An army warrant officer who had half of his penis removed after his cancer was misdiagnosed three times by doctors has been told he may only have a year to live.
Father-of-two Gavin Brooks, 45, says the blunder left his manhood mutilated by surgeons.
But despite having an operation to remove a malignant tumour from his penis, he was given the crushing news the cancer had spread.
Now Gavin, who hopes to raise money to fund experimental treatment abroad, hopes to warn other men of the little-known disease and encourage them to check their parts.
He said: “I hope I can get some sort of treatment abroad that can help make the cancer smaller and make my lifespan longer so I can stay around as long as possible.
“My son Jorje says he’s going to lift the World Cup one day and I want to be around for that.”
Gavin, of Crewe, Cheshire, went to army doctors three times in 2021 after experiencing a tight ring of skin around his foreskin. Soonafter, a lesion appeared on the tip of his penis.
His GP diagnosed him with genital warts, but Gavin was not convinced and believed it to be Lichen sclerosus, a condition that causes patchy, discoloured, hard skin on the penis, which should be assessed by a dermatologist.
Gavin said: “The best way I can describe it was like a ring of tissue or hard skin within the foreskin.
“When I’d retract the foreskin, I would have to pull it over the head of the penis.
“The skin that connects the foreskin to the penis broke and would bleed and cause pain when I would go to the toilet. I knew this wasn’t normal and that I had to get it checked out.
“After three weeks, I went to the army doctors and I suggested it could be Lichen sclerosus.
“The army doctors thought it was a wart but I didn’t know how I’d got one as I’d been married for 20 years and only had one sexual partner in that time, so I didn’t think they were right.”
Four weeks later when it hadn’t cleared, Gavin went back to the same doctor who still believed it to be a wart.
He attended his medical centre again but was seen by a different GP, who thought it might be thrush, so Gavin was given a prescription cream.
He then referred himself to a sexual health clinic, who referred him to a dermatologist, who took a biopsy from the penis.
When the result came back, he was given the crushing news he had penile cancer.
Gavin was being sent for an operation in January this year where he had part of his penis removed.
He added: “They lifted my penis up and cut it in half and took a skin graft from my leg to make a penis head, but it is flat with a hole in.
“When I woke up in hospital I was so scared at how much of my penis looked to have been removed as it had a dressing on it and a catheter fitted you couldn’t make out the full extent until all of that was removed.”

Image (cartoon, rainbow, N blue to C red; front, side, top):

Despite the operation, the cancer had spread and Gavin needed further surgery in April to remove lymph nodes in his groin and intense chemotherapy in June.
The first round of chemotherapy didn’t work and the cancer has spread to other parts of his body. He is now undergoing a second chemotherapy treatment with radiotherapy included too.
He is now seeking other treatments that are not offered on the NHS, including Immunotherapy, Proton Beam therapy and Dendritic cell treatment, which are widely used in Germany, Gibraltar and Japan in the advanced cancer stages.
He added: “I’ve spent 24 years in the army and a great amount of that time as a fitness training instructor and I use exercise to get rid of stress, now I have to be sat in a wheelchair to watch my little boy play football.
“I can’t walk long distances and I now use a wheelchair more than I walk.”
Now, he’s urging men to check their penises more regularly for symptoms and has launched an Instagram page called Screaming Cockerel to raise awareness of the disease which has robbed him of his health and mobility.
Half of penis cancers are diagnosed late and once the cancer spreads, the chances of saving the organ become much lower. Tragically, a fifth of patients die of the disease.
Signs of the cancer will typically first start at the top of the penis as either raised patches or white raised spots.
At this stage surgery can be carried out to remove the cancerous tissue, leaving the penis mainly intact. But the longer the disease left the more invasive the surgery becomes.
He added: “If I had been diagnosed earlier, I may have only ended up requiring a circumcision that could have prevented the rest of the operations and chemotherapy.
“That’s why I need to raise as much awareness for this rare and unknown cancer, so more time and research can be spent into the treatment and diagnosis of this deadly disease before it’s too late.”